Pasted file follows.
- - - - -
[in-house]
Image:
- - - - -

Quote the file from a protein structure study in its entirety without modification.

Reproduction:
[in-house]
Image: